Defence has launched a Nuclear-Powered Submarine Propulsion Challenge in Australian high schools, providing a new generation of science, technology, engineering and mathematics (STEM) students the chance to win a trip to HMAS Stirling in Western Australia to see first-hand how submarines work. The introductory-level, nationwide program will provide teachers with learning resources to help students design their own engineering plans for submarine nuclear propulsion.
The program aims to inspire students to discover how nuclear propulsion works and how it makes submarines more capable. The challenge is free to enter and open to all high school students in years 7–12. The winners from each state and territory will have the opportunity to take part in an immersive submariner experience at HMAS Stirling, the home base of Australia’s Collins-class submarines.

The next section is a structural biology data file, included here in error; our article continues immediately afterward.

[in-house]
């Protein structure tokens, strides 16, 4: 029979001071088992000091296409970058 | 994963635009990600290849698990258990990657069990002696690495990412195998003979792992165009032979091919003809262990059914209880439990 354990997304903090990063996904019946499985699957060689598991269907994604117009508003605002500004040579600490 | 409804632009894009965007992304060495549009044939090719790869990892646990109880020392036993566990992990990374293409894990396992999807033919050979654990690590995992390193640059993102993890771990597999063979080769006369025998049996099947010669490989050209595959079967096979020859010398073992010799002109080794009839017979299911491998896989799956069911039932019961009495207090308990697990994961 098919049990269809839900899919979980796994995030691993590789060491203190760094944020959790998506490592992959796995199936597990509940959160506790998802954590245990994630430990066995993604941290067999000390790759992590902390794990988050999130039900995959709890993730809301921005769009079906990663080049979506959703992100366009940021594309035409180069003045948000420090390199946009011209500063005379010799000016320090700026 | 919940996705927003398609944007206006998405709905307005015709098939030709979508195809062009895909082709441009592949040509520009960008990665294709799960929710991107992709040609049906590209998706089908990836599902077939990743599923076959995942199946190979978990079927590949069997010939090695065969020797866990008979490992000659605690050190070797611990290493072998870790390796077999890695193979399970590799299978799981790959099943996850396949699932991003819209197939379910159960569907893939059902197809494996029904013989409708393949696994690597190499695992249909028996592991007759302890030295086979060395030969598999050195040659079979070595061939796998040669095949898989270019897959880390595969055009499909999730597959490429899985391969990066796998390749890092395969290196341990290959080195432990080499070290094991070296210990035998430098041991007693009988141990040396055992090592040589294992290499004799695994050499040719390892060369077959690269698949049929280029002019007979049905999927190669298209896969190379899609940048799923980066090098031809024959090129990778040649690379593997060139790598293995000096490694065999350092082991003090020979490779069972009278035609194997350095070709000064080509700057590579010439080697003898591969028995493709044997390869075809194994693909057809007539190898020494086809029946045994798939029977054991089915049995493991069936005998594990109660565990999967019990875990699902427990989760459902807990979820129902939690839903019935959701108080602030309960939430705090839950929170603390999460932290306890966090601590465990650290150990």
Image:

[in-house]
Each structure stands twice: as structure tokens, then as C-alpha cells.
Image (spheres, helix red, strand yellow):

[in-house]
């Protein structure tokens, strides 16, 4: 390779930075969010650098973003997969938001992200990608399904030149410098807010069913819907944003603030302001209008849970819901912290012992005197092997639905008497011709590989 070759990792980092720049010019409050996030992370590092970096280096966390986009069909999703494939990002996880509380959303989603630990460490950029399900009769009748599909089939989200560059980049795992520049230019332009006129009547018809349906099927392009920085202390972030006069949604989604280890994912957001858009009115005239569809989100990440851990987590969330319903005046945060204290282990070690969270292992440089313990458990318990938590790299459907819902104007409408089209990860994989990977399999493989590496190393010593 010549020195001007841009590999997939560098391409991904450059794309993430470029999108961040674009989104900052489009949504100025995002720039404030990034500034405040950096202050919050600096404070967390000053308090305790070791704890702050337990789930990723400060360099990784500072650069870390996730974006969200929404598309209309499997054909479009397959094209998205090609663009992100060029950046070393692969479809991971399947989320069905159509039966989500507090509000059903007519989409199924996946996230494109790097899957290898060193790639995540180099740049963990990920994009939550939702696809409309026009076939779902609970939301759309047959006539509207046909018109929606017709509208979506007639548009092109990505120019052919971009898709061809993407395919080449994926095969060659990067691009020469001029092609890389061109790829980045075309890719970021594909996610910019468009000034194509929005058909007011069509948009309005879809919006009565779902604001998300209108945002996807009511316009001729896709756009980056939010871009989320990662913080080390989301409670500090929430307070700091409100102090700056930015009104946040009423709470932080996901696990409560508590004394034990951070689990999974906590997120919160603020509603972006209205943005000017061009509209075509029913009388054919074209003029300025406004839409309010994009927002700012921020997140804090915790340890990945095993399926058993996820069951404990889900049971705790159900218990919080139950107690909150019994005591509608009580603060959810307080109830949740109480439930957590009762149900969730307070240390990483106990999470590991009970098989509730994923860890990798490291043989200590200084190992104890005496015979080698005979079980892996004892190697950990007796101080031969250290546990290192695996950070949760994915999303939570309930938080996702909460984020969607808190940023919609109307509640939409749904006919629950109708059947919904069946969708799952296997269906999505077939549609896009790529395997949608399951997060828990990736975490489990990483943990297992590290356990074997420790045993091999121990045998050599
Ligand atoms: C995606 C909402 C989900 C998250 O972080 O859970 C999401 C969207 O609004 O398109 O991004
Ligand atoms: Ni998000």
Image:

Rear Admiral Jonathon Earley, Deputy Chief of Navy said: “The Nuclear-Powered Submarine Propulsion Challenge presents an opportunity for students across Australia to gain a greater appreciation of the STEM principles behind one of the most significant national projects ever undertaken in Australia, as we prepare to deliver nuclear-powered submarines for the Royal Australian Navy. The classroom curriculum provided through this program seeks to inspire students to be more engaged with STEM subjects and see how they are practically applied in the real world. These students and others like them will be our future submariners, engineers and technicians. The winners will experience a visit to HMAS Stirling in Western Australia, tour a Collins-class submarine, dine with submariners and virtually drive a submarine through Sydney Harbour in the submarine bridge training simulator.”